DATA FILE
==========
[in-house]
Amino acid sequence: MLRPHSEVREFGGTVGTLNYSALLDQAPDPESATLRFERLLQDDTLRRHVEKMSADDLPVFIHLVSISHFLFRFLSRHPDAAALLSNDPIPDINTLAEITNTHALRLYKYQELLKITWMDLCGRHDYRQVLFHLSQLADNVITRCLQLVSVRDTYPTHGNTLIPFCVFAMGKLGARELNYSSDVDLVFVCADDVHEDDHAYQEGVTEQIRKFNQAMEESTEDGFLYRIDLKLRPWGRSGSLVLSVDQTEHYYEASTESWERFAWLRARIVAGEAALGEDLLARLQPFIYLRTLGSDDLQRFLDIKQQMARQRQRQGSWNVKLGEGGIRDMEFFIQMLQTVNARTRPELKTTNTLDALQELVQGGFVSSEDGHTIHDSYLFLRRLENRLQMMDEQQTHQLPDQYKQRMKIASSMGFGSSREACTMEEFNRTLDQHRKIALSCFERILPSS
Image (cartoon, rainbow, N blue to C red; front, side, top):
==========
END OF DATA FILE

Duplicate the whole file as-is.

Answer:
[in-house]
Amino acid sequence: MLRPHSEVREFGGTVGTLNYSALLDQAPDPESATLRFERLLQDDTLRRHVEKMSADDLPVFIHLVSISHFLFRFLSRHPDAAALLSNDPIPDINTLAEITNTHALRLYKYQELLKITWMDLCGRHDYRQVLFHLSQLADNVITRCLQLVSVRDTYPTHGNTLIPFCVFAMGKLGARELNYSSDVDLVFVCADDVHEDDHAYQEGVTEQIRKFNQAMEESTEDGFLYRIDLKLRPWGRSGSLVLSVDQTEHYYEASTESWERFAWLRARIVAGEAALGEDLLARLQPFIYLRTLGSDDLQRFLDIKQQMARQRQRQGSWNVKLGEGGIRDMEFFIQMLQTVNARTRPELKTTNTLDALQELVQGGFVSSEDGHTIHDSYLFLRRLENRLQMMDEQQTHQLPDQYKQRMKIASSMGFGSSREACTMEEFNRTLDQHRKIALSCFERILPSS
Image (cartoon, rainbow, N blue to C red; front, side, top):